Our View: Rural Kentucky is perfect for FCC’s telehealth project

Published 9:58 am Tuesday, July 16, 2019

Life in rural Kentucky is already pretty great. We’ve got much less traffic, much more clean air, a heap more natural beauty, tons of birds and fish and a little less stress than our big-city neighbors. But we can also struggle with access to health care.

A new proposal from the Federal Communications Commission could help address that shortcoming. The idea is to give more people access to “telehealth” services — essentially video chats with doctors that serve as an appointment without the drive or the waiting room. The FCC could accomplish this by paying for a large chunk of the costs needed to make those telehealth services available.

“If adopted, this pilot program could provide health care providers with funding needed to purchase the communications services that will support their connected care efforts,” FCC Chair Ajit Pai said.

The “Connected Care Pilot” proposal would use $100 million to pay for up to 85% of the cost of “connectivity for broadband-enabled telehealth services,” according to the FCC.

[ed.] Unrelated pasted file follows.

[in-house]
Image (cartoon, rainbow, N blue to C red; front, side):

Connected Care Pilot is still in its infancy — the FCC just this month is asking for input on how it should design the specifics, including what types of health care companies and internet service providers should be allowed to participate; and which groups of people should be targeted with the internet subsidies.

Rural areas in Kentucky and other nearby states face health problems many other areas do not. We are taking the hardest hit from the opioid epidemic, and our population also deals with diabetes and heart disease — all of which the FCC has already identified as possible qualifiers for receiving Connected Care support.

On top of that, greater distances between people and their doctors in rural areas create a barrier to health care that can be harmful to both patient and medical provider.

“If you live in a rural area, seeing a specialist can mean missing work, driving several hours — each way — and finding a local hotel if returning home the same day isn’t feasible,” Pai said. “Even worse, some patients may choose to forego necessary medical treatments just to avoid these additional costs.”

As many as one in five rural hospitals in the U.S. is at risk of closure unless it gets financial assistance, according to an analysis by global consulting firm Navigant. In Kentucky, that number is almost one in four.

If rural doctors could offer their patients telehealth services, it could go a long way to keeping them around, ensuring quality health care for rural residents for years to come.